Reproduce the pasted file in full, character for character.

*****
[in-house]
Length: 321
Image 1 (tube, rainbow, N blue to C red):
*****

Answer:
[in-house]
Length: 321
Image 1 (tube, rainbow, N blue to C red):